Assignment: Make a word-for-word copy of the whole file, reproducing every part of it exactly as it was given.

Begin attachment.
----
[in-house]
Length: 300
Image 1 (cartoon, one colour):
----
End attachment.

[in-house]
Length: 300
Image 1 (cartoon, one colour):